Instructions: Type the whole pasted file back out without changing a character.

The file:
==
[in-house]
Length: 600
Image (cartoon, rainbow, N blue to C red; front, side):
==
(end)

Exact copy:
[in-house]
Length: 600
Image (cartoon, rainbow, N blue to C red; front, side):